NBA Fans Only Have Themselves to Blame For Load Management Ordeal

San Antonio Spurs v Los Angeles Clippers
San Antonio Spurs v Los Angeles Clippers / Kevork Djansezian/Getty Images

The NBA glossary has introduced the casual and die-hard fan alike to all kinds of every-day terms. Posterized. Shaqtin' A Fool. Load Management.

Load management isn't exactly a new occurrence. Like many plagues and apocalyptic scenarios, it began as a joke. In a March 2012 game, San Antonio Spurs coach Gregg Popovich's box score listed that star Tim Duncan as a "DNP", the obvious acronym informing observers that he did not play in the game. Usually, the accompanying reason is listed as a mere coach's decision or injury, but Popovich went full comedian when he declared that Duncan was...old. Popovich had used the tactic before when it came to Robert Horry, but this was the first time a renowned star player was admittedly held out for a blunt reason other than injury. Modern examples have dropped the funny business, opting for the generic term of "rest" in modern settings.

The basketball-loving public had a good laugh about it back then, unaware of the monster that was being unleashed.

The phenomenon was recently thrust back into public consciousness when Kawhi Leonard, the Los Angeles Clippers star and defending NBA Finals MVP that some see as the league's current best player, sat out early games. Leonard's absence came in the first half of an LA back-to-back against Milwaukee. Nationally televised on TNT, the game was billed as a meeting between Leonard and reigning MVP Giannis Antetokounmpo, but eyes were certainly lost with Leonard's choice to sit. Leonard had been dealing with a knee injury, but Clippers head coach Doc Rivers insisted he was relatively fine. The comments led to a $50,000 fine from the NBA, who was displeased with the mischaracterization of Leonard's ailment.

Plenty of superstars have been "victim" to the load management occurrence, and it's annoyed fans across the country. For example, a December 2016 game in Memphis lost much meaning when the Cleveland Cavaliers came to visit. Such an interconference battle meant the Cavs, armed with a "Big 3" of LeBron James, Kyrie Irving, and Kevin Love, would mark the only time they would visit Music City. Instead, load management saw all three sit out. Memphis won the game, but fans at FedEx Forum were nonetheless disgruntled that the opposing group sat out their one visit.

Los Angeles Lakers v Golden State Warriors
Los Angeles Lakers v Golden State Warriors / Ezra Shaw/Getty Images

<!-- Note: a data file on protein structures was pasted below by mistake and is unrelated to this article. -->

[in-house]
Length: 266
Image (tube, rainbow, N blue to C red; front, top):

Frankly, those fans, and NBA fans in general, only have themselves to blame for what's going on.

If there's one thing NBA fans enjoy, it's a fine debate. The advent of social media has done nothing to quell the argumentative storms, as anyone who signs up has 280 characters or less to express their opinion to the masses with a simple click and hashtag.

Most arguments, especially when it comes to comparing the greatness of players past and present, boil down to a single question: "How many rings does he have?!?!"

That's why players are sitting.

People may watch, but there's no denying that the NBA regular season has taken on significantly less meaning. After all, if you have at least one "superstar", it's borderline impossible to miss the NBA playoffs. Long gone are the days of the 2004 Detroit Pistons.

The traditional goal of homecourt advantage has thus been replaced by the endeavor of having all your important players fresh by the time the postseason rolls around. It's all in the name of getting as many rings as possible before retirement strikes. So far, it would appear the strategy be paying off. Last season's champion Toronto Raptors, for example, had just three players take part in at least 70 games.

A championship was always the team goal, but, in the all-important legacy conversation, titles have taken on an increased meaning. Three of the top six players in all-time games played (John Stockton, Vince Carter, Karl Malone) are each ringless (though Carter remains active in Atlanta), and their lack of jewelry is usually brought up when comparing them to their contemporaries.

The 82-game season puts a total on each player's individual "load", perhaps raising the question if the campaign is too long. But unless you want advertisements plastered all over the courts and jerseys like a NASCAR race to compensate for less games, it's more than likely here to stay in its current iteration. Thus, load management is the future and something that isn't going away any time soon.

NBA tickets in this new era? Simply put, buyer beware-- and enjoy the playoffs.